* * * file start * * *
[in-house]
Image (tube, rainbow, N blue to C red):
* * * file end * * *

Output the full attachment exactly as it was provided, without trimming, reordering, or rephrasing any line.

[in-house]
Image (tube, rainbow, N blue to C red):